During a special meeting marking Jerusalem Day, the government will approve a three-year, 95 million shekel program to encourage young olim (immigrants to Israel) to live in Jerusalem, Israel Hayom reported.
The according to the plan, which was written together with the Jerusalem Municipality and the Jewish Agency, the state will work to encourage young olim (ages 18-35, both single and married) to settle in the capital and serve as a vital part of its development.
The program will encourage young olim to live in Jerusalem by holding annual fairs overseas, building young olim centers in the city, and creating a special program to find jobs for young professionals.
The Ministry of Immigrant Absorption and the Jerusalem Municipality will work to assist with vocational training, licensing, and job placement.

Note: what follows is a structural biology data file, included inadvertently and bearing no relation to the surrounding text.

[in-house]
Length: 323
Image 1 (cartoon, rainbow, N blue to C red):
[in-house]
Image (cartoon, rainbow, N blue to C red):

In addition, special educational programs will be created for the children of olim in Jerusalem, special tours will be given to olim so they can get to know the city, and a program to increase the number of national service members in the city to assist olim will be considered.
The Ministry of Immigrant Absorption enlisted the help of additional ministries for the program, including the Ministries of Education and Culture and Sport, which will provide a budget of 95 million NIS (31.5 million per year for three years).
According to the Israeli Central Beuro of Statistics, more than 18,000 new immigrants settled in Jerusalem since 2018, half of which were between the ages of 18 and 35. Of those olim, approximately 30% left the capital in the past five years.
Immigrant Absorption Minister Ofir Sofer stated, "This is an excellent program that will bring young people, academics, and families to the city. The program will strengthen the city in all aspects - economically, Zionistically, and demographically."
Jerusalem Mayor Moshe Lion added, "We are the city that absorbs the most immigrants in Israel. The young olim are integrated into the city and contribute in all areas. I intend to invest in encouraging aliyah and in absorption baskets in the coming years."